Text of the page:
Microsoft store coming to an Apple Store near you?

Microsoft and Apple Stores cheek by jowl? The more the merrier for consumers, and better for Microsoft, which needs to demonstrate it has competitive offerings too.

A Microsoft Store.   It looks a lot like An Apple Store but that's not a bad thing.
A Microsoft Store. It looks a lot like an Apple Store but that's not a bad thing. Microsoft

Are we seeing a trend of Microsoft setting up shop next to Apple Stores?

If so, it's not a bad trend. Even a necessary one to check the Apple consumer Juggernaut.

At the Westfield Century City mall in Los Angeles, the Apple and Microsoft stores are close enough that when you leave one you'll almost immediately see the other.

That's helpful for consumers interested in exploring both rival camps. The Apple Store is a known quantity. The Microsoft Store isn't, for many people. That's too bad, because a Microsoft store offers a much better snapshot of cutting-edge Windows computers and devices than, let's say, Best Buy (which, by the way, just announced that it's closing 50 stores ).

There are plenty of tablets on display at the Microsoft store, and even an Intel-based Samsung tablet running the latest version of Windows 8 consumer preview.
There are plenty of tablets on display at the Microsoft store, and even an Intel-based Samsung tablet running the latest version of Windows 8 consumer preview. Brooke Crothers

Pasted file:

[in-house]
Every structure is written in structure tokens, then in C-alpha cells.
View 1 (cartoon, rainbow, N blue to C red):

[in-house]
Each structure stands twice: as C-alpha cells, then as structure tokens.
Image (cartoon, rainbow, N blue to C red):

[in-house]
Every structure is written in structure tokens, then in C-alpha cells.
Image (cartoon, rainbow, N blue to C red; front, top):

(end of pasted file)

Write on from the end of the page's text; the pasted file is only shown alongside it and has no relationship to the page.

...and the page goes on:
For example, the Century City Microsoft Store devotes most of its display-table space to the latest ultrabooks, including the HP Folio 13, the glass-encased HP Envy 14 Spectre, and Asus Zenbooks, among others.

The store also has a whole table dedicated to tablets (or "slates" as Microsoft insists on calling them). And the sales people, when they saw me eying the slates, quickly produced an Intel-based Samsung tablet running the latest iteration of the Windows 8 consumer preview.

This kind of savvy sales approach is important. One, because you would rarely if ever see this behavior at Best Buy. And, two, because Windows 8 consumer preview running on the Samsung tablet was buttery smooth. I would even venture to say that it was a smoother experience than the iPad; certainly smoother than my Android tablet running version 3.2.2.

And it made me rethink the potential of a Windows 8-based tablet. That's what Microsoft needs to get consumers to do if it wants to win over more of them.

Keep the Microsoft Stores coming. Yeah, they look and feel like Apple Stores, but that's not a bad thing.

About the author

Brooke Crothers writes about mobile computer systems, including laptops, tablets, smartphones: how they define the computing experience and the hardware that makes them tick. He has served as an editor at large at CNET News and a contributing reporter to The New York Times' Bits and Technology sections. His interest in things small began when living in Tokyo in a very small apartment for a very long time.

 

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